Chop vs Shop

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Chop vs Shop

Post by Kangas on Tue Jan 15, 2013 10:51 am

For my first entry for 2013 I chose two words that sometimes cause confusion, specially for those who English is not their mother tongue. The words are "chop" and "shop".

In the oral speech they are quite easy to distinguish since they have a slightly different pronouciation, however in the written speech they can be confused. So let's see the differences ...

  • Chop

    verb (used with object)
    1. to cut or sever with a quick, heavy blow or a series of blows, using an ax, hatchet, etc. (often followed by down, off, etc.): to chop down a tree.
    2. to make or prepare for use by so cutting: to chop logs.
    3. to cut in pieces; mince (often followed by up ): to chop up an onion; to chop meat.
    4. (in tennis, cricket, etc.) to hit (a ball) with a chop stroke.
    5. to weed and thin out (growing cotton) with a hoe.
    6. Fox Hunting. (of a hound or pack) to attack and kill (a fox that has not begun to run).

    verb (used without object)
    7. to make a quick, heavy stroke or a series of strokes, as with an ax.
    8. Boxing. to throw or deliver a short blow, especially a downward one while in a clinch.
    9. (in tennis, cricket, etc.) to employ or deliver a chop stroke.
    10. to go, come, or move suddenly or violently.

    noun
    11. an act or instance of chopping.
    12. a cutting blow.
    13. Boxing. a short blow, especially a downward one, executed while in a clinch.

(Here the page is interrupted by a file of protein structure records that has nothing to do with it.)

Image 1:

14. a piece chopped off.
    15. an individual cut or portion of meat, as mutton, lamb, veal, or pork, usually one containing a rib.
    16. crushed or ground grain used as animal feed.
    17. a short, irregular, broken motion of waves; choppiness: There's too much chop for rowing today.
    18. rough, turbulent water, as of a sea or lake.
    19. chop stroke.


  • Shop

    noun
    1. a retail store, especially a small one.
    2. a small store or department in a large store selling a specific or select type of goods: the ski shop at Smith's.
    3. the workshop of a craftsperson or artisan.
    4. the workshop of a person who works in a manual trade; place for doing specific, skilled manual work: a carpenter's shop.
    5. any factory, office, or business: Our ad agency is a well-run shop.
    6. Education .
    1. a course of instruction in a trade, as carpentry, printing, etc., consisting chiefly of training in the use of its tools and materials.
    2. a classroom in which such a course is given.

    7. one's trade, profession, or business as a subject of conversation or preoccupation.

    verb (used without object)
    8. to visit shops and stores for purchasing or examining goods.
    9. to seek or examine goods, property, etc., offered for sale: Retail merchants often stock their stores by shopping in New York.
    10. to seek a bargain, investment, service, etc. (usually followed by for ): I'm shopping for a safe investment that pays good interest.

    verb (used with object)
    11. to seek or examine goods, property, etc., offered for sale in or by: She's shopping the shoe stores this afternoon.

    Chiefly British Informal
    12.
    1. to put into prison; jail.
    2. to behave treacherously toward; inform on; betray.


    Slang
    13. to try to sell (merchandise or a project) in an attempt to obtain an order or contract.

    Interjection
    14. (used in a store, shop, etc., in calling an employee to wait on a customer.)

    Idioms
    15. set up shop, to go into business; begin business operations: to set up shop as a taxidermist.
    16. shut up shop,
    1. to close a business temporarily, as at the end of the day.
    2. to suspend business operations permanently: They couldn't make a go of it and had to shut up shop.

    17. talk shop, to discuss one's trade, profession, or business: After dinner we all sat around the table and talked shop.


Kangas

Source: Dictionary.com

Kangas

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Join date : 2008-10-23
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